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Right Lateral Exposure of the Cavernous Sinus and Associated Neurovasculature

Surgical Correlation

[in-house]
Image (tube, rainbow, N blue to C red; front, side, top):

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Right lateral exposure of the cavernous sinus and associated neurovasculature. The dura over the lateral wall of the cavernous sinus and floor of the middle cranial fossa has been removed. The trigeminal nerve has crossed the apex of the petrous temporal bone and expanded as the Gasserian ganglion within Meckel's cave. The ganglion gives rise to its three divisions or branches. The ophthalmic nerve courses forward to enter the orbit via the superior orbital fissure. The maxillary nerve passes through foramen rotundum to enter the pterygopalatine fossa. The mandibular nerve passes through the foramen ovale to enter the infratemporal fossa. The oculomotor nerve is shown here entering the roof of the cavernous sinus. It lies superior to the trochlear nerve. The trochlear nerve courses along the lateral wall of the cavernous sinus superior to the ophthalmic nerve. The abducens nerve can be seen ascending along clival dura before penetrating it and coursing within the basilar plexus toward the petrous apex. It passes deep to the petroclinoid ligament (petrosphenoid or Gruber's ligament) traversing Dorello's canal to enter the cavernous sinus. Here, it passes along the lateral surface of the cavernous segment of the internal carotid artery (ICA). All four nerves enter the orbit through the superior orbital fissure. The inferolateral trunk is a lateral arising branch of the C4 (cavernous) segment of the ICA that supplies blood to the oculomotor, trochlear, and abducens nerves as well as to the Gasserian ganglion. The C5 or clinoid segment of ICA is delimited by the proximal and distal dural rings. The proximal ring forms the roof of the cavernous sinus and is continuous with the dura covering the inferolateral aspect of the anterior clinoid process (cut). The distal ring is another layer of dura that is continuous with the dura covering the superomedial aspect of the anterior clinoid process and is continuous with the tuberculum sellae (not labeled). The two rings fuse posteriorly but are variably separated anteriorly. The postganglionic perivascular sympathetic plexus is demonstrated on the surface of the ICA. (Image courtesy of PA Rubino)

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